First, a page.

"We are also increasingly concerned about the US-China trade war. Along with the EU and the Middle East, the US is one of our key markets and we're already having to contend with fluctuations to the dollar exchange rate, quite apart from the additional import levies."
Similar concerns were shared by Guanke Technologies, a Shenzhen-based business that has been producing outdoor, urban LED systems for about eight years. Selling under its own proprietary brand, while also offering an OEM service, the US is, again, its biggest market.
Outlining the company's current predicament, Sales Manager Evan Diao said: "Our prices are too high for the Chinese market. This is largely because in order to meet the requirements of our US customers, we have to use high-quality components, which put our costs up to a point where we can't compete for local sales against lower-cost, lower-quality items."
Another exhibitor that focused almost exclusively on the export market was YND, a Zhongshan-based business with a speciality in producing liner lights for the supermarket sector. Detailing the company's USP, Sales Manager Summer Liu said: "Basically, our selling point is that our products can be used across a range of up to 200 metres without the need for additional wiring, while we also offer a five-year warranty.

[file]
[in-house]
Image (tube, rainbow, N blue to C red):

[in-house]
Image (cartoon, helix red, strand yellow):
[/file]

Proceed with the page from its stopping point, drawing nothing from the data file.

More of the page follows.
"For our part, we've been coming to this show since 2016, but it's not so good this year. We are mainly exporters and there are very few overseas buyers here. In the past, we've done well out of one particular German event, but it's now difficult to secure a stand."
Aixuan, another export-oriented Zhongshan business, was similarly unimpressed with the level of attendance. Spelling out the reasons for her particular concerns, Sales Manager Katrina Yu said: "We export about 95% of our production – mainly to Europe and to South America – and there's very few non-mainland buyers in attendance this time around. For our purposes, we've found that both the Guangzhou and Hong Kong shows are more suitable for us.
"We specialise in solar-powered street lighting, as well as heavy lights and floodlights. Our solar-powered lights can run for up to six hours and are ideal for use in towns, as their motion-detection capabilities automatically dim the illumination levels when there's no traffic present."
Although again from Zhongshan, Eika distinguished itself from its two predecessors by specialising in household lighting (one of the comparatively few at the event that did) and by being generally satisfied with the attendance demographic. Detailing its own reception, Sales Manager Shen Yangin said: "We've been established 15 years now and solely target the domestic market with our range of residential LED light bulbs. Maybe because, this year, we have a lot of new designs on offer, we have had a considerable level of interest from a variety of buyers."